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Hackers hijack a car with a Nintendo controller

A pair of security experts have demonstrated that by using a laptop, an old game controller and some software, it’s possible to tap into the onboard computer chip in some modern cars and take control of them.

Hacking into the onboard computer of a car in order to control it sounds like something you’d see in a bad action movie. As it turns out though, it’s quite possible to do in real life, as two security experts have demonstrated to the BBC. Using only a laptop, some software and an NES controller, Charlie Miller and Chris Valasek were able to commandeer a car, making it do as they pleased regardless of what the driver was doing.

The hack requires a physical device to be connected to the car’s electronic control unit through the diagnostics port, as well as custom software written by Miller and Valasek. When they hooked up to their test vehicles, a 2010 Ford Escape and Toyota Prius, the software then gave them complete control of steering, acceleration, breaking and even the horn. Gauges can be overridden too, including the speedometer and fuel gauge. Perhaps most frightening of all is that the software completely overrides the driver’s input.

Toyota commented on the hack, saying it wasn’t a hack since you have to be physically connected to the car, and that it wasn’t really a security concern, for the same reason. “The presence of a laptop or other device connected to the [diagnostics port] would be apparent,” said a spokesperson. Toyota cars do have a firewall onboard to shield against wireless hacking attempts however, and Toyota was quick to defend the firewall’s ability to ward off remote attacks.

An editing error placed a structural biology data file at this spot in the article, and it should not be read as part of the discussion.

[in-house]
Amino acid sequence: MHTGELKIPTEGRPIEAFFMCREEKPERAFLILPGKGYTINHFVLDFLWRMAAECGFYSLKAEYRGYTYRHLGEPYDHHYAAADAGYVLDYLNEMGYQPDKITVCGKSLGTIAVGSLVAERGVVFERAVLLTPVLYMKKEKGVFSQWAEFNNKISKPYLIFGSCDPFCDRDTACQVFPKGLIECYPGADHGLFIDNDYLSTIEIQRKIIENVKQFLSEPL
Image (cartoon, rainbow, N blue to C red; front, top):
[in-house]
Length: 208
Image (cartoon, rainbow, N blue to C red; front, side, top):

I wonder if the Konami code does anything

Miller and Valasek say that Toyota is missing the point of their experiment. Rather than demonstrate a way to commandeer cars, they wish to highlight a serious problem with the vehicles: The software doesn’t seem to care where commands are coming from.


David F.
A grad student in experimental physics, David is fascinated by science, space and technology. When not buried in lecture books, he enjoys movies, gaming and mountainbiking

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